I am often surprised when someone tells me that they are or aren't doing something because they are concerned about another's person's reaction. They don't want to cause anger, sadness or fear in the other person so they change their own behaviours thinking that this will alleviate trouble.
Well, there are a number of things to consider about this:
1. We each experience a very wide range of emotions.
2. What we do with our feelings is a choice that each of us makes.
3. When a person states that s/he cannot control their emotions, think about a time that they were in the middle of a "hissy fit" but suddenly stopped because they noticed another person was watching.
4. We are only responsible for our own feelings and the way that we deal with them.
5. If you think that you can control another person's feelings you are wrong.
6. When another person blames you for how they are feeling, weigh the information before you agree or feel guilty.
7. Some people hold others hostage by blaming, threatening aggression or suicide, throwing temper tantrums or retreating from the relationship.
8. Abuse should never be allowed in a relationship.
9. People tend to live their lives with patterns of behaviour so past behaviour is usually a predictor of future behaviour.
10. Talking and negotiating does not always work. Sometimes a person agrees with you just to end the conversation but has no intention of doing what was planned or supposedly agreed upon.
11. Promises to change do not guarantee change. It is easy to say "I will never do this again" but not necessarily easy to follow through.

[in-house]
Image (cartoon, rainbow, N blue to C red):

12. If a person makes a positive change and can maintain it for eighteen months, it will likely last for a lifetime. (Yes, I said eighteen months - not days!)
13. Repeatedly forgiving a person who promises to change but doesn't do anything to facilitate the change means that you are kidding yourself.
14. If you are having relationship problems, perhaps you are the one who needs to get help.
There are four basic styles of behaviour that individuals adopt:
1. Passive people don't know what they want or how to ask for it in a healthy manner. They allow others to be in charge but then often feel resentful or victimized.
2. Aggressive people bully others in order to get what they want. They often present as though they are confident but usually have a low self-image.
3. Passive/Aggressive people make life difficult for others in "sneaky" indirect ways such as gossiping.
4. Assertive skills include having good boundaries, knowing what you need and ensuring that those needs are met in a healthy manner.
What style do you use most often? Are you creating monsters in your life or are you a monster to others?
Time to make some positive changes.
And now I would like to invite you to claim your Free Instant Access to a complimentary list of 10 Steps to Making Your Life an Adventure when you visit http://lindahancock.com
From Dr. Linda Hancock, Registered Psychologist and Registered Social Worker